By Gudrun Schultz

Cardinal Keith O'BrienNEW EDINBURGH, Scotland, January 3, 2006 (Â – In a New Year’s Day homily given at St. Mary’s Cathedral, Cardinal Keith O’Brien called on society to recognize the connection between family breakdown and social degeneration.

“I urge society to look around at the rising rates of sexually transmitted infections and abortions, the levels of family breakdown in our midst, drug and alcohol abuse, and social deprivation,” Cardinal O’Brien said. “I ask all those who care for the future of our society not to be blind to the consequences of turmoil in family relationships.”

“Parents and children remain the basic social unit,” he said,” which needs to be recognized, protected and promoted as the most vital cell of society.”

O’Brien said the nature of marriage goes far beyond society’s current definition of marriage as “a relationship between two individuals.”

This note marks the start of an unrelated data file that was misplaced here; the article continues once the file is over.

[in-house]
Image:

“[Marriage] is uniquely capable of providing stability, producing children and providing the complementary roles of mother and father. It is a social institution rather than a private relationship.”

Cardinal O’Brien pointed out the problems associated with family breakdown in society, and blamed the devaluing of human sexuality for the destruction of family life.

“Children without fathers, children emotionally damaged by divorce, wives deserted by husbands, husbands deserted by wives, couples infertile from sexually transmitted infection, children aborted for convenience. These are the consequences of sending out the message that marriage is not for life, that marriage is just another choice of lifestyle, that human sexuality is a recreational pastime.”

Scotland recently introduced legislation to allow same sex civil partnerships, and the Scottish Parliament voted to lessen the waiting periods for divorce.

Cardinal O’Brien condemned the support given to alternative lifestyles in the name of tolerance, although he was careful not to condemn those who find themselves in “difficult circumstances.”

“Tolerance of those who choose to live differently is one thing, the promotion and celebration of irregular relationships is another…Freedom must be used responsibly. Responsible freedom requires [that we] be adequately informed. When we make profound choices we have a duty to understand what exactly we are choosing along with the likely consequences of our choices.”